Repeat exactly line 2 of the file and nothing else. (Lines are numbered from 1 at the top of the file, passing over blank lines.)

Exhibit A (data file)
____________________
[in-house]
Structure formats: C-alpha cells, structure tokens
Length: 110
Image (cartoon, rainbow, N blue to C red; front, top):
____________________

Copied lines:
Structure formats: C-alpha cells, structure tokens